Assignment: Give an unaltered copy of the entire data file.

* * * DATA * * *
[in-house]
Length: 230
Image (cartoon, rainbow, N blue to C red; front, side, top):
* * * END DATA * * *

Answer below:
[in-house]
Length: 230
Image (cartoon, rainbow, N blue to C red; front, side, top):